Why is it that a dbf-to-shp attribute join results in a different number of joins than a shp-to-shp attribute join of the same data? When I join the attribute table of one shapefile to another shapefile I get a certain number of joins. But when I export the table to dbf and join it the the same shapefile, I get a different (greater) number of joins. Shouldn't both routines result in the same number of joins? It is the same data, after all. Please help, this is really messing up my analysis. I am using ArcGIS Desktop.
on the FID (aka object ID field) or are you using an attribute
multipart shapes will cause a difference.
you will need to elaborate on what fields you are joining and whether the values in both tables have unique entries for each join
I am joining a shapefile of broadband deployment data aggregated to Census blocks to a shapefile of Census blocks containing urban/rural designations and households for each Census bock. The key field is not the FID field, it is the Census block number field. I don't know what you mean by a multi-part shapefile. The broadband data shapefile contains a total of 982,015 features, including multiple instances of many Census blocks, depending upon how many different providers are offering service in each, how many different technology types are deployed in each, and how many different downstream and upstream speed combinations are offered by providers in each. The Census blocks shapefile contains 519,723 features - one record for each unique Census block.
I want to find out how many urban and rural households are in Census blocks where the maximum advertised downstream and upstream speeds are at least 25mbps/3mbps. So I created a definition query in the broadband shapefile to show only Census blocks at 25/3 or greater. This reduced the size of the attribute table from 982,015 records to 654,582 records. Then I performed an attribute join of the broadband shapefile to the Census block shapefile, keeping only joined records. The join reduced the Census block shapefile from 519,723 features to 256,773 features. In other words, 256,773 of the 519,723 Census blocks in California have 25/3 broadband service somewhere in them. Then I summed the households field and got 10,289,120, meaning that there are 10,289,120 households in Census blocks where 25/3 service is offered in California. Then I created selection sets in the Census shapefile's attribute table to find out how many of the 10,289,120 households were in urban and rural areas. So far, so good.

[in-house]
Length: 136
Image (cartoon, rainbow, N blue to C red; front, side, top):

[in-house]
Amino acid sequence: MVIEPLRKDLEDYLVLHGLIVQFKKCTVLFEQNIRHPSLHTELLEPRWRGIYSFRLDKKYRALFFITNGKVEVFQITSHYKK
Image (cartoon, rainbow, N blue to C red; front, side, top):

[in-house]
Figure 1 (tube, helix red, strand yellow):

However, upon checking my work by using a different method (exporting the definition query from the broadband shapefile to a stand alone dbf, then joining the dbf to the Census block shapefile) I arrived at the result that 25/3 broadband is available in 317,712 unique Census blocks containing 12,741,341 households. I remain shocked and perplexed, as I thought a shp-to-shp attribute join would be functionally the same in this case as a dbf-to-shp attribute join. Can you please explain why this is not the case? And which method gives the correct result without double-counting households? I am not looking to extract information from specific Census blocks, I am only interested in the overall totals of how many households are in Census blocks where ANY provider offers broadband at 25/3 or more.
The order of the join is important
shp-dbf to dbf vs dbf to shp-dbf
Records from the Join Table can be matched to more than one record in the Input Table.
one-one vs one-many
Yes, I am aware of this, but in this case it shouldn't matter because I am joining a shp table or dbf with multiple instances of specific Census blocks to a shapefile with only one instance of each unique Census block. I don't care which 25/3 record from the broadband file gets joined to the Census block file, as long as the Census block file registers a join for that Census block, meaning that 25/3 exists in the block. The only way I can make logical sense of this is if NO joins occur where there are many-to-one relationships. But why would this be the case for a shapefile table and not for a stand alone dbf? The same logic should apply.
It sounds like you want a many to one relationship in your join? To accomplish this, you could use another method of analysis called overlay. I did this recently in ArcGIS Online. Do you have a way to test it?
I have accepted the dbf-to-shp attribute join as the correct result, although I still don't understand why this would be. I can't consider this case "resolved" until I do. The articles were not really helpful.